Screening is when a specialist looks for cancer before you have any symptoms. Oral cancer screening is an examination done in your mouth by a specialist. The screening detects any signs of cancer or any precancerous condition. It is usually done during regular dental checkups. Additional tests may be done to help in identifying any abnormal cells.
Do I have to have regular oral cancer screenings, you may ask? The main objective of oral cancer screening is to look out for any precancerous lesions at their early stages. During this stage, it’s easier for them to be removed and cured.
It is also done to determine oral cancer risk factors. No one expects to get cancer. People live and die without getting cancer. Others get it while young and others when older. Identifying your oral cancer risk levels without oracle cancer screenings is difficult.
It allows you to learn how you will prevent oral cancer. At Lapeer City Dental, we assess one’s risk factors and give them tips on how to reduce them.
The devices used include:
This firm brush is used to scraper away tissues and cells from targeted areas. After collecting the required tissue, the brush is placed in a tube. There are then sent to a lab where the cancer cells are checked. The results should be out within a week or two.
After a strange spot is discovered in your mouth, fluorescent light is used to examine it. The light brightly illuminates all the tissues evenly. The dark spots can also be pressed and examined on how they blanch with pressure. If the response is abnormal, further investigation will be done.
Abnormal tissues can also be checked using a mouth rinse and a light. First, you will be required to swish the rinse in your mouth; then, the dentist will look around using the light. The special mouth rinse and the light work together by making the cancerous cells glow.
No special preparation is needed before the appointment. All that one needs to do is show up for the appointment. The dentist will then perform the required oral exam routine.
The oral cancer screening dentist pays attention inside your mouth during the examination. They look for sores or red and white patches. The dentist will also run their fingers around the mouth, looking for tissues or lumps.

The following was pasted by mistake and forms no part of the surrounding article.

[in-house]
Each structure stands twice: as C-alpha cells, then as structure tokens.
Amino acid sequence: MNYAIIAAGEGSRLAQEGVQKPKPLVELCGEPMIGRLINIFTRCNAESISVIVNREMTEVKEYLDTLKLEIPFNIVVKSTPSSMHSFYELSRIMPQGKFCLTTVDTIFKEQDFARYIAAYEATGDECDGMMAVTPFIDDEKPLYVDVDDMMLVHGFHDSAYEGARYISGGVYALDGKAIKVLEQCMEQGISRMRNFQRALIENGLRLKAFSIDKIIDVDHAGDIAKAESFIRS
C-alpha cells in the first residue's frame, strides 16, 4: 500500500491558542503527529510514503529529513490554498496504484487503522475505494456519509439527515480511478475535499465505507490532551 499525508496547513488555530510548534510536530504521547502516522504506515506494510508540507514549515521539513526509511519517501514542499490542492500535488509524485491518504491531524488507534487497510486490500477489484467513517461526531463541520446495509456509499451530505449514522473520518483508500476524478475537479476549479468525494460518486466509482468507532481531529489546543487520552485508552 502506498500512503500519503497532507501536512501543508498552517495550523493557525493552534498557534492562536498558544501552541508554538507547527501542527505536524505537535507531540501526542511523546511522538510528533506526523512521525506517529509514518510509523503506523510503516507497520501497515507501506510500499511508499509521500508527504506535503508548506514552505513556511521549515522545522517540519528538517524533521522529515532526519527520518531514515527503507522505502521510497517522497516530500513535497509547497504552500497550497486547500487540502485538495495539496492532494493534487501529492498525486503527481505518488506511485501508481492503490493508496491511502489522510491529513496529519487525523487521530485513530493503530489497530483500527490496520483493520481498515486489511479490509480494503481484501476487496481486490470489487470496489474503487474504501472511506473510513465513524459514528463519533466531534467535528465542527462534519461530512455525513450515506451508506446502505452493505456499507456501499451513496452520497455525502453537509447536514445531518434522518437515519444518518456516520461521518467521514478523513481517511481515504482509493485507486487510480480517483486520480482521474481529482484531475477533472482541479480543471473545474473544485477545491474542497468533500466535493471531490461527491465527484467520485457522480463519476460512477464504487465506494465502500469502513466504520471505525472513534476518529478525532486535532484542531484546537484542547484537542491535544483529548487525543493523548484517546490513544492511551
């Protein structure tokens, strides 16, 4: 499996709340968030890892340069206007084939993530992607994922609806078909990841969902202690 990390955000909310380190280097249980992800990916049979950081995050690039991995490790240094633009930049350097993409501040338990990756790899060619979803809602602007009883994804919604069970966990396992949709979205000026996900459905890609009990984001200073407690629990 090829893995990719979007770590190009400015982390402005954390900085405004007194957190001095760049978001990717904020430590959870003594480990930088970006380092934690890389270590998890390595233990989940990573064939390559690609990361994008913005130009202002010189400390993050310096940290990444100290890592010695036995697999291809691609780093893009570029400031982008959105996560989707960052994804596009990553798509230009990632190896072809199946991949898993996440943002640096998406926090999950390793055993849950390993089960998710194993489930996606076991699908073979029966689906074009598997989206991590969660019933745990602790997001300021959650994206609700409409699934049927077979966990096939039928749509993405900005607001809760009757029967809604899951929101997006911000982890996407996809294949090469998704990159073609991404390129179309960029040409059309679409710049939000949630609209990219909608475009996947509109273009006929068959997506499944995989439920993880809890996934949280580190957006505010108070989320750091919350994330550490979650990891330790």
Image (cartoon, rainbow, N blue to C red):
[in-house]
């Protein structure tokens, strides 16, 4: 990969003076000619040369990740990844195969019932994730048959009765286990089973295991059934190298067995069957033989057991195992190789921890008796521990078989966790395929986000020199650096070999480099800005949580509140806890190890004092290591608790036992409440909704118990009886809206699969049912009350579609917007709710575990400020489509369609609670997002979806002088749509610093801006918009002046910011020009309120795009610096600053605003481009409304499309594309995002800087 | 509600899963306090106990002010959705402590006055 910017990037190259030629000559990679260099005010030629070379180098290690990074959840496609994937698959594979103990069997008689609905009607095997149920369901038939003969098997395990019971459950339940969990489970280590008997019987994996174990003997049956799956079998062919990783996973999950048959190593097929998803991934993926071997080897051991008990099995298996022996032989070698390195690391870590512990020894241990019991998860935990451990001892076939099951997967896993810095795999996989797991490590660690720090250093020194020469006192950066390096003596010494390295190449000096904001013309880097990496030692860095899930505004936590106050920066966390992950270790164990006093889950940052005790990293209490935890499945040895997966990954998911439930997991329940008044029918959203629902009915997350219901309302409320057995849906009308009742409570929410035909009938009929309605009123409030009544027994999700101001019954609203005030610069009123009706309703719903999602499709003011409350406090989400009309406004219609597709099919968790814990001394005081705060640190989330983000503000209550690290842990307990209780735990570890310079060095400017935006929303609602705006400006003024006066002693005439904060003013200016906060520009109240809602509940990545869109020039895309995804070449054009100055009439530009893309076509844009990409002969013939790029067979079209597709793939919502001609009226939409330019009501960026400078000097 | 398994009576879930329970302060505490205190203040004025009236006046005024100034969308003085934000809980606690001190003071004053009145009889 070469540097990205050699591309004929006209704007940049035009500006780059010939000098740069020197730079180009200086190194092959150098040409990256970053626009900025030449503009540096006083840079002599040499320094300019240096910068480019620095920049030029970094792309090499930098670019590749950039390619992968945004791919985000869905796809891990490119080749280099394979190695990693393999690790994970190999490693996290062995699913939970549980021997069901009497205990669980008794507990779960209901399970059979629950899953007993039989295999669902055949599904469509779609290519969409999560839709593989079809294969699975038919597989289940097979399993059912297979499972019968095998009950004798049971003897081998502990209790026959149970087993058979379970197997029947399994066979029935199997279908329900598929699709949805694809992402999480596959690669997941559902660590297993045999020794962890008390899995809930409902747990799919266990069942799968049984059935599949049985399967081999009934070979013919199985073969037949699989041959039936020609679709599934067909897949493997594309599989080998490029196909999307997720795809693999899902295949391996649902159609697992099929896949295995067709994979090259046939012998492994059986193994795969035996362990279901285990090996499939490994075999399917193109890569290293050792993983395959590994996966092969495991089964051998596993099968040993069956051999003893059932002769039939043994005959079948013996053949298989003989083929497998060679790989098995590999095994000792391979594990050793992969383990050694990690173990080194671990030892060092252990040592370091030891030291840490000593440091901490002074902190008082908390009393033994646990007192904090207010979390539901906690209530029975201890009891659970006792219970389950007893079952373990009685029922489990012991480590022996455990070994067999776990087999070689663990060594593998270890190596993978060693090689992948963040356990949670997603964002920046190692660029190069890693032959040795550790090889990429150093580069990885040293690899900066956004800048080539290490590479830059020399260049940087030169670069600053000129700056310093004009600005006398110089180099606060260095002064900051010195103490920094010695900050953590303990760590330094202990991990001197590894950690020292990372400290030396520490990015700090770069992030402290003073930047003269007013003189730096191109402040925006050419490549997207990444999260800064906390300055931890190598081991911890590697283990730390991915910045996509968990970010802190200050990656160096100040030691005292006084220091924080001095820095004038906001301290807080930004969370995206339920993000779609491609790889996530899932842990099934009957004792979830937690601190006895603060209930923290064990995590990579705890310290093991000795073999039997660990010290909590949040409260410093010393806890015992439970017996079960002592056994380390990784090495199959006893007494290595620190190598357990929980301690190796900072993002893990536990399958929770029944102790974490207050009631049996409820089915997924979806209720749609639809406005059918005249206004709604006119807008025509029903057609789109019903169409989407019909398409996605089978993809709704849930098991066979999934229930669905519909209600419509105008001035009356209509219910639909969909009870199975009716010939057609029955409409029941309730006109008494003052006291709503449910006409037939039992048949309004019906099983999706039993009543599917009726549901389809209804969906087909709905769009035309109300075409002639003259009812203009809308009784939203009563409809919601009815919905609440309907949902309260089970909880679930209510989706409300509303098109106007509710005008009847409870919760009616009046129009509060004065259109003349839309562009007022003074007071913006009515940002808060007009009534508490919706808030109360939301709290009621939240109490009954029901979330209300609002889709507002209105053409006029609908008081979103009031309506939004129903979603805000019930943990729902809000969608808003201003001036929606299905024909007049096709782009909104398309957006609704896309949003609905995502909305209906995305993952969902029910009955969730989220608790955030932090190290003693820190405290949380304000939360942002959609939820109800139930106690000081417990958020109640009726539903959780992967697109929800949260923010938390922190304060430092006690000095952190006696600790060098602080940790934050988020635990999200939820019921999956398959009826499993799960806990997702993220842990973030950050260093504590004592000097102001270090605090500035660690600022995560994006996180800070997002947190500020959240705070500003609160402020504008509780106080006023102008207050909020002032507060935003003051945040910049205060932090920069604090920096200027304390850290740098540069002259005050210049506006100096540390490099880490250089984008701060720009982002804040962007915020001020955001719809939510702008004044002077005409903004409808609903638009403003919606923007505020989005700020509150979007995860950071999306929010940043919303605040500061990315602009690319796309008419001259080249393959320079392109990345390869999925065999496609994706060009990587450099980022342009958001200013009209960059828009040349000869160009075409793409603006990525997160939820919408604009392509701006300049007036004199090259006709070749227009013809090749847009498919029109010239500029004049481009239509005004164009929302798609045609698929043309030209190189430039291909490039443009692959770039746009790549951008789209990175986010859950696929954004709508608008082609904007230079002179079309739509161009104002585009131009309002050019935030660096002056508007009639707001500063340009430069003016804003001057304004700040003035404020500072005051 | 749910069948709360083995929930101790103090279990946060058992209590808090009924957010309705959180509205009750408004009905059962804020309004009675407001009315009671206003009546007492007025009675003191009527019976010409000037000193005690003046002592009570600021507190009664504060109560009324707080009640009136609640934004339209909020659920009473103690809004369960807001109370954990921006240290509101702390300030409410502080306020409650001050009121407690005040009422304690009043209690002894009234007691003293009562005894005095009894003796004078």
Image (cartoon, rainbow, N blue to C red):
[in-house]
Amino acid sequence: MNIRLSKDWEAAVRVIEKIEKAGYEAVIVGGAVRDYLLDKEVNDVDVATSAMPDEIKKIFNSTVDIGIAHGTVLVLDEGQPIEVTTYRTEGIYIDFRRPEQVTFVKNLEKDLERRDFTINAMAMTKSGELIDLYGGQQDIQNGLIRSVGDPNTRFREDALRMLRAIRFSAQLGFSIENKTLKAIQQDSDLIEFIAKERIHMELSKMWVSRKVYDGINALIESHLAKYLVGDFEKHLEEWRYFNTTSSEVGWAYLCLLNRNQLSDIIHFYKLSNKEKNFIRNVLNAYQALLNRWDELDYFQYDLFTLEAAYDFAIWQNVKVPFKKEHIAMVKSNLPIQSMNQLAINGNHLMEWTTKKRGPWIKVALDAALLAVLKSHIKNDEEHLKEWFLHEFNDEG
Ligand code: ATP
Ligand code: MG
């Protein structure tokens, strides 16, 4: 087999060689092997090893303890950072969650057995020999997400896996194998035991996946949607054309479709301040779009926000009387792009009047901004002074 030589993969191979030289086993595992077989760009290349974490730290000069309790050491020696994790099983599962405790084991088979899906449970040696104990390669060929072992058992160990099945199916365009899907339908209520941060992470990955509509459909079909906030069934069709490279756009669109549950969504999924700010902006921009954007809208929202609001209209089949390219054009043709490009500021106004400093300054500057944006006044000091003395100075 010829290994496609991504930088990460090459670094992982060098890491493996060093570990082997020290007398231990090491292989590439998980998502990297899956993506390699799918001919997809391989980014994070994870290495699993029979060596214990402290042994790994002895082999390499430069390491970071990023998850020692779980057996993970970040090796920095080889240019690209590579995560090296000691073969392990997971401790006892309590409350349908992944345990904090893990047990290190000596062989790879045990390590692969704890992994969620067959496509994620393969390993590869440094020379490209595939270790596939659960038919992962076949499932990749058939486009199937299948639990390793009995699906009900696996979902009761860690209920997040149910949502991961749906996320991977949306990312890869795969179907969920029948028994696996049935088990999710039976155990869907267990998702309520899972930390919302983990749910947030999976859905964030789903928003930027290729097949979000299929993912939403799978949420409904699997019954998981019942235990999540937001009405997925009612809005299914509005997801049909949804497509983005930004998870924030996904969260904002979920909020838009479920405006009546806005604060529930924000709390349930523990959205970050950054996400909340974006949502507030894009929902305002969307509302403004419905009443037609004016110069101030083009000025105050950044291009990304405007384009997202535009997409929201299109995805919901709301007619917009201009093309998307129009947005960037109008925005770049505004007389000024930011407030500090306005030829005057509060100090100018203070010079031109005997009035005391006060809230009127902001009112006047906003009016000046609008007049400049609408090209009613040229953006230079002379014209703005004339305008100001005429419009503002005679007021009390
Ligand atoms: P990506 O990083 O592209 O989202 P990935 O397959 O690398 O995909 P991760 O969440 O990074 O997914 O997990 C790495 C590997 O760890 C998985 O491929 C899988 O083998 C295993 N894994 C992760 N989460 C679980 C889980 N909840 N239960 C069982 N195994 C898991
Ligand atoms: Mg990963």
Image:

If you are wearing removable dentures, the dentist will take them to check the tissue under them.
Oral cancer screening tests decisions can be difficult. Some screening tests can be unhelpful, while most of them have risks. Therefore, it is wise to discuss with your dentist the screening tests. There is importance in learning about the risks of the test beforehand.
The following are risks of oral cancer screenings:
These results give normal results despite the cancer being present. This leads to delayed treatment despite the present symptoms.
A false-positive test result will show that you have cancer when you do not. In addition, it can cause anxiety and lead to more tests, which may also have risks.
A biopsy can be done during a mouth cancer test to diagnose cancer. Tissues and cells are extracted from your oral cavity, lips, or oropharynx. A pathologist then views them under a microscope to look for any signs of cancer.
When there is no cancer, it is a misdiagnosis when a report is given. For example, a misdiagnosis can be made if a pathologist reports you to have cancer when the cells have no cancer. This can lead to you getting the wrong form of treatment.
Some cancers are asymptomatic, while others can be life-threatening. If found out during a screening, they can be treated. Finding the cancer is known as over-diagnosis. There is no assurance if the treatment given will prolong your life rather than if no treatment was done.
Screening tests can also find cancers that cannot be cured. The treatment process for this cancer can result in serious side effects reducing one’s life.